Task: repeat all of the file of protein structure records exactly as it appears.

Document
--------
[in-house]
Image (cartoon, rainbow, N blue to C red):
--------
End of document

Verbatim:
[in-house]
Image (cartoon, rainbow, N blue to C red):